For all intents and purposes, England discontinued the punishment of heresy after Queen Mary I’s death, sidestepping the ethical implications of open religious persecution and putting an end to the particular spectacles chronicled by Foxe. The...

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Chapter 4: “The Finger of God Is Heere”

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pp. 135-162

The rupture between typological martyrdom and the secularized persecution of English Catholics mapped in chapter 3 is evident well beyond the literature surrounding Edmund Campion’s death. In one way or another, every English Counter-Reformation martyrology of the period is coded...

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Chapter 5: “This Deceitfull Arte”

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pp. 163-206

The martyrologies of Margaret Clitherow and Edmund Gennings manifest two strategies that Catholics adopted in order to position their subjects outside of the English state’s rhetoric of treason. The Clitherow martyrology rejects and thereby circumvents the treason trial, and the...

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Chapter 6: Beyond Typology

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pp. 207-245

The semiotic rupture between discrete deaths and religious typology in Counter-Reformation martyr texts marks a defining development in English martyr discourse. It is a moment that opens up irreconcilable discrepancies between the executions of English Catho - lic victims and the literary...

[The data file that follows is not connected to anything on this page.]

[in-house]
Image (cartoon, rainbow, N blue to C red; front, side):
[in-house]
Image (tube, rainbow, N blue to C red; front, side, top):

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pp. 246-251

Father Mychal Judge was the first officially documented fatality of the terrorist attacks of September 11, 2001. By Archbishop Derderian’s account, Judge was a martyr—unlike Father John Gerard, with whose story this book began.1 Judge was a Franciscan friar and a chaplain with the New York..


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pp. 252-265


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pp. 266-300

Works Cited

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pp. 301-316


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pp. 317-332

About the Author

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pp. 333

E-ISBN-13: 9780268077785
E-ISBN-10: 0268077789
Print-ISBN-13: 9780268026127
Print-ISBN-10: 0268026122

Page Count: 336
Illustrations: NA
Publication Year: 2012